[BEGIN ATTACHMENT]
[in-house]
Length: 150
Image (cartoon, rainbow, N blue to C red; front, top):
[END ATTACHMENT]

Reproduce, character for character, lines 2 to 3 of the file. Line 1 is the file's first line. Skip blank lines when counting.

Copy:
Length: 150
Image (cartoon, rainbow, N blue to C red; front, top):